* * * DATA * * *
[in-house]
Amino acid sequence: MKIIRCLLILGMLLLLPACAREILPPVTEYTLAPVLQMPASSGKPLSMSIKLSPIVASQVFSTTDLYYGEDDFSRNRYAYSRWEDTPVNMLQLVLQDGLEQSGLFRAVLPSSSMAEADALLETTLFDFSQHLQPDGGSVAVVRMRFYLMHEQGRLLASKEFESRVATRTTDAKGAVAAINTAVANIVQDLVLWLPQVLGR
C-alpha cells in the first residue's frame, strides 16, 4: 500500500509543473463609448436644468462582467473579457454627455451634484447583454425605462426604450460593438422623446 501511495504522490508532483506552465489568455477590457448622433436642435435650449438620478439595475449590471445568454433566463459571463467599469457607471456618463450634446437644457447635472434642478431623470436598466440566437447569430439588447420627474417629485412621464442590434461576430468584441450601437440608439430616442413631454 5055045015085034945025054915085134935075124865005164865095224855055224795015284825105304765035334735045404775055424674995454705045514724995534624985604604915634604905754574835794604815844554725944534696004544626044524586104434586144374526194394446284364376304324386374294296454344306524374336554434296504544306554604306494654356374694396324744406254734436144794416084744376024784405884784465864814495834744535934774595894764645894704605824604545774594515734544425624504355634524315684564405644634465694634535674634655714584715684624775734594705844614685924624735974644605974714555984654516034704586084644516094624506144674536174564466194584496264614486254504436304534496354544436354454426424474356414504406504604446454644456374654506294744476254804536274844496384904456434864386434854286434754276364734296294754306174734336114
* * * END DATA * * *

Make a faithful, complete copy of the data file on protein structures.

[in-house]
Amino acid sequence: MKIIRCLLILGMLLLLPACAREILPPVTEYTLAPVLQMPASSGKPLSMSIKLSPIVASQVFSTTDLYYGEDDFSRNRYAYSRWEDTPVNMLQLVLQDGLEQSGLFRAVLPSSSMAEADALLETTLFDFSQHLQPDGGSVAVVRMRFYLMHEQGRLLASKEFESRVATRTTDAKGAVAAINTAVANIVQDLVLWLPQVLGR
C-alpha cells in the first residue's frame, strides 16, 4: 500500500509543473463609448436644468462582467473579457454627455451634484447583454425605462426604450460593438422623446 501511495504522490508532483506552465489568455477590457448622433436642435435650449438620478439595475449590471445568454433566463459571463467599469457607471456618463450634446437644457447635472434642478431623470436598466440566437447569430439588447420627474417629485412621464442590434461576430468584441450601437440608439430616442413631454 5055045015085034945025054915085134935075124865005164865095224855055224795015284825105304765035334735045404775055424674995454705045514724995534624985604604915634604905754574835794604815844554725944534696004544626044524586104434586144374526194394446284364376304324386374294296454344306524374336554434296504544306554604306494654356374694396324744406254734436144794416084744376024784405884784465864814495834744535934774595894764645894704605824604545774594515734544425624504355634524315684564405644634465694634535674634655714584715684624775734594705844614685924624735974644605974714555984654516034704586084644516094624506144674536174564466194584496264614486254504436304534496354544436354454426424474356414504406504604446454644456374654506294744476254804536274844496384904456434864386434854286434754276364734296294754306174734336114